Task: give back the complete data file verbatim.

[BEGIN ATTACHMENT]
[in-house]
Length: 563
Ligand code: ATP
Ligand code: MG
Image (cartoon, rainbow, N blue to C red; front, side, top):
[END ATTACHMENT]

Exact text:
[in-house]
Length: 563
Ligand code: ATP
Ligand code: MG
Image (cartoon, rainbow, N blue to C red; front, side, top):